The Maryland women’s basketball team (25-6, 15-3 Big Ten) drew a No. 2 seed Sunday evening as the selection committee revealed the field of 68 teams that will compete for the 2023 national championship. The Terrapins will host No. 15 seed Holy Cross (24-8, 13-5 Patriot League) in the first round Friday at XFINITY Center. The time of the game has yet to be announced.

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After losing five of last season’s top six scorers to graduation and the transfer portal, coach Brenda Frese cobbled together a brand new roster of five incoming transfers, four freshmen and four returners that managed to eclipse the No. 4 seed last year’s team earned in the 2022 NCAA Tournament.

“I think clearly there’s a pride factor,” Frese said. “I mean, we knew there was a lot of noise in the offseason. But I think there’s also quiet confidence between our staff and I and our players. The inner circle always knew what we were capable [of], and when we were building this team in the offseason and the phases we were putting together, it was something we truly believed in.”

“It’s definitely crazy to think of a program that loses all those people and has nine new people coming in — you never know really what to expect or how the girls on the team are going to be able to play,” senior forward Faith Masonius added. “I think we exceeded our expectations as well.”

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The Terps learned their NCAA Tournament draw while watching ESPN’s Selection Sunday telecast with fans at XFINITY Center. By receiving a top four seed, Maryland earned the opportunity to host the first two rounds of March Madness. The winner of Friday’s game between Maryland and Holy Cross will advance to play the winner of No. 7 seed Arizona (21-9, 11-7 Pac-12) and No. 10 seed West Virginia (19-11, 10-8 Big 12) in the second round March 19 at XFINITY Center. Arizona is Frese’s alma mater.

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On March 4, the Terps fell to Iowa in the Big Ten semifinals, 89-84, but their airtight resume made an irrefutable case for an at-large bid to the NCAA Tournament. Facing the 10th toughest schedule in the country — according to how the NCAA measures strength of schedule — Maryland went 7-4 against ranked opponents, including four victories over top-10 teams. The Terps bolstered their candidacy by peaking towards the end of the regular season, defeating No. 10 Ohio State by 36 on Feb. 5 and No. 6 Iowa by 28 on Feb. 21.

The only drama for Maryland heading into Sunday was its seeding. Ultimately, the Terps achieved a No. 2 seed for the sixth time since the tournament field expanded to 64 teams in 1994 and second time in the last three seasons.

“I had no idea what seed we were going to be at the beginning of the season — nine new [players,]” senior guard Abby Meyers said. “It was definitely a process of building the team up. It’s great to be a two seed. To us, it’s no surprise. We’ve been underestimated, we’ve been the underdog the whole year. But our record shows, our resume shows, and we’re just excited to get out there and start hooping.”

The reveal of the tournament field served as yet another demonstration of the strength of Maryland’s schedule. Seven Big Ten teams qualified for March Madness, led by No. 1 seed and conference regular-season champion Indiana (27-3, 16-2 Big Ten). Iowa (26-6, 15-3 Big Ten), Ohio State (25-7, 12-6 Big Ten), Michigan (22-9, 11-7 Big Ten), Purdue (19-10, 9-8 Big Ten) and Illinois (22-9, 11-7 Big Ten) also earned bids. The Big Ten is vying for its first national championship since Purdue won in 1999.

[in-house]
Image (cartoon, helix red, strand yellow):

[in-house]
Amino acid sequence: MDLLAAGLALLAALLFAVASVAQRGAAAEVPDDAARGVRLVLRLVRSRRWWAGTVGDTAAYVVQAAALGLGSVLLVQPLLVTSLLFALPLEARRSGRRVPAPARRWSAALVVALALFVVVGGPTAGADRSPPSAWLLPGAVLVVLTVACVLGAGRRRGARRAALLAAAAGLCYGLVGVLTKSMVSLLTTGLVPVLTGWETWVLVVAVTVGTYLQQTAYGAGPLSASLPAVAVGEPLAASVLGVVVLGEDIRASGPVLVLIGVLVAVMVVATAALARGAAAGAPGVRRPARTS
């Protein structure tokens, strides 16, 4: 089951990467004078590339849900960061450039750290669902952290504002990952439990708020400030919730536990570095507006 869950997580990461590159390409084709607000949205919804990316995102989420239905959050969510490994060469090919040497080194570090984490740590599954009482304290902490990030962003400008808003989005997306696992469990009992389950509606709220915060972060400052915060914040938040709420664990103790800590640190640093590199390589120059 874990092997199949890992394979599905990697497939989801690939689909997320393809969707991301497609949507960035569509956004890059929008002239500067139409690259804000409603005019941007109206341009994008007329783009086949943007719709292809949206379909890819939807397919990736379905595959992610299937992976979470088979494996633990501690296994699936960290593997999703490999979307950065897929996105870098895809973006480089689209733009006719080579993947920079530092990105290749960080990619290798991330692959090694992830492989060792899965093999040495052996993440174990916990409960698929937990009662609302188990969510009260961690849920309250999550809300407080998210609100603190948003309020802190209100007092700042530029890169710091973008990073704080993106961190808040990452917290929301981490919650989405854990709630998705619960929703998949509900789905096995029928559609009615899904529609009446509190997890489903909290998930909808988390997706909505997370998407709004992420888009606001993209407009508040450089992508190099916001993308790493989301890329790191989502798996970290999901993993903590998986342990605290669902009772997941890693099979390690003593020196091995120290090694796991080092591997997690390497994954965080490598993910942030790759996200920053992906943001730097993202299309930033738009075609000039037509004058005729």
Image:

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In addition, four of Maryland’s non-conference opponents received bids to the NCAA Tournament. Defending national champion South Carolina (32-0, 16-0 SEC), which defeated Maryland 81-56 on Nov. 11 and has won 38 games in a row, earned the No. 1 overall seed, as expected. Baylor (19-12, 10-8 Big 12), Notre Dame (25-5, 15-3 ACC) and Connecticut (29-5, 18-2 Big East) — who collectively went 0-3 against the Terps — also made the field of 68.

“When you’ve gone on the road and have had nailbiter wins and have been put in a lot of close situations — I think this team is more than prepared,” Frese said.

Maryland will be considered a favorite to advance to the Sweet Sixteen for the third consecutive year and the 16th time in program history. In NCAA Tournament history, No. 2 seeds have a record of 128-0 in the first round and 120-24 in the second round.

If the Terps continue those trends, they will play in the Greenville, South Carolina, regional beginning March 24. The No. 1 seed in Maryland’s regional is South Carolina.

“I think at this time, nobody’s overlooking anyone,” Frese said. “Anyone that belongs in the NCAA Tournament is a great team, and anyone can beat anyone. So for us, it’s understanding just the mindset that it takes and coming out ready to play.”

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Maryland has now qualified for the last 13 NCAA Tournaments dating back to 2011. (The NCAA canceled the 2020 tournament due to the COVID-19 pandemic.) Last season, Maryland reached the Sweet Sixteen before losing to Stanford, 72-66. The Terps’ lone national championship came in 2006. They have reached the Final Four five times, most recently in 2015.

Dallas will serve as the host city for this year’s Final Four on March 31 and the national championship game on April 2.

Click here to view the full NCAA Tournament bracket.

Sapna Bansil is a pediatric occupational therapist turned journalist who is enrolled in the graduate program at the Philip Merrill College of Journalism at the University of Maryland.